by Mike Newmark

8 August 2012

cover art



US: 31 Jan 2012
UK: Import

Megafortress is the solo project of Brooklyn-based musician Bill Gillim, formerly of funk-tinged rock quartet Tigercity. For this, his self-titled debut album, Gillim created an atmosphere that was centered on his voice: a soaring, high-pitched falsetto that is unmistakably male. The vocals are heavily processed, lightly processed, left alone, or—in the case of the final track—absent, and are combined with synths and sampled instruments into a swirling soup of home-studio ambience.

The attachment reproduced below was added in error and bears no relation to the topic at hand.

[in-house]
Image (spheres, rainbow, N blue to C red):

Gillim’s influences are easy to spot: Oneohtrix Point Never (a fellow Brooklynite), Rhys Chatham, Seefeel. Yet he bears the most striking resemblance to Grammy winner Justin Vernon, a.k.a. Bon Iver. The similarity between their voices borders on distraction in parts, although Vernon can be counted on to experiment more with his vocalizations, whereas Gillim prefers to stick with falsetto and treat the recorded product. On “My Favorite Girl”, the first of just four songs, he warps his voice to the point where it seems to be half-synthesizer. “Green Child” layers his largely untreated vocals into a multi-part near-harmony, surrounded by sampled bells and burbling water. “Consolamentum” is the most clearly spiritual (and, I think, the prettiest) of the group, in which Gillim’s vocal incantations resemble a pipe organ—fitting for the baptismal rite named in the title. “We Love You” closes out the record with a long drone followed by some rather off-putting buzzing noises. Though altogether more refined than the scattered singles that preceded it, Megafortress is a rocky if promising start: a bit heavy on the references and light on variety, but with enough heart to suggest that this project could bear considerable fruit in the future.



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